Citing difficulties in dealing with regulatory requirements, most of the vendors that usually provide Christmas trees have said they will not be doing so this year.

Vigoro Nursery, Cost-U-Less, and Trees4Life have all stated that they will not be importing real trees this year. Businesses that are still aiming to import include Hurley’s and Every Bloomin’ Thing.

Scot Kristal, who works in marketing for Hurley’s and is heading up the importation efforts, estimated that the number of providers who dropped out of the Christmas tree market will cut the territory’s supply from about 3,000 in 2017 to 1,500 this year. Hurley’s, for its part, is planning to import about 1,000.

Many providers are hesitant to import trees this season due to a shifting regulatory landscape, which comes after Department of Agriculture inspectors discovered “live pests” in several shipments last year. The department eventually allowed the trees to come in to Cayman after the pests were killed, but the shipments were held up for re-inspections before they were released.

After last year’s near-fiasco, the Department of Agriculture told importers they should have growers in Canada apply fumigation spray to their trees before shipping them here, according to Mr. Kristal. However, the spray the department wanted to be used was banned in Canada, he said.

The department and the importers eventually came with a workable solution, where the grower in Canada will use a pre-treatment solution on the trees. The solution involves putting pesticide in the ground, where it will be absorbed by the trees while they grow, Mr. Kristal explained.

The process of getting to this point was a hassle, but Hurley’s manager Mike Miller said it was worth it to make sure the store’s customers have a happy holiday.

For other providers, however, the red tape was too much to navigate.

“Vigoro is not able to get our beautiful Fraser Fir trees this year,” the nursery explained in a released statement on Friday. “We have tried our best, but the past few years there have been continual import regulation changes that have made it extremely tedious and risky, and yet again, there have been more changes this year.”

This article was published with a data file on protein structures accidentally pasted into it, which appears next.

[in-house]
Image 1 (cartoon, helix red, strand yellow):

Cost-U-Less made a similar statement.

“It has been increasingly difficult and time consuming every year for us to be in this business concurrently during our busiest time of the year,” the company stated. “We struggled last year to meet island requirements and this year is no different.”

Trees4Life, which donates proceeds from tree sales to charity, also said that while the Department of Agriculture came up with a solution to allow importations, that solution came “too late in the season.”

“Due to the overwhelming difficulty experienced last year with the importation process, we have decided to not bring in Christmas Trees for the 2018 season,” Trees4Life stated. “We worked hard to find a solution this year. Unfortunately, the solution came too late in the season for us to provide the quality Christmas trees our customers have come to expect.”

While Hurley’s and Every Bloomin’ Thing are able to meet the Department of Agriculture’s requirements to import the trees, there still may be some difficulties in bringing the trees to the shelves. Mr. Kristal explained that once the trees get here, they will be inspected by the department.

If inspectors find pests, the trees will have to be fumigated and inspected again, he said.

Nevertheless, Mr. Kristal and Every Bloomin’ Thing owner Ricky Handal are optimistic that the trees will be available by around Thanksgiving.

Hurley’s is taking pre-orders now, while Every Bloomin’ Thing will sell the trees at its location on a first-come, first-served basis.

Meanwhile, Cost-U-Less said it will offer artificial trees, and Vigoro said it will soon be offering an “environmentally friendly option … we will post soon.”

1 COMMENT

  1. Shame on the Dept. of Agriculture for spoiling Christmas, maybe they can explain exactly what pests they are afraid of as the imported trees all come from,and are sold, all over North America without any apparent problem. If we can import all sorts of fresh flowers and orchids, shrubs, palm trees and numerous other garden plants, why is there such a problem with Christmas trees?.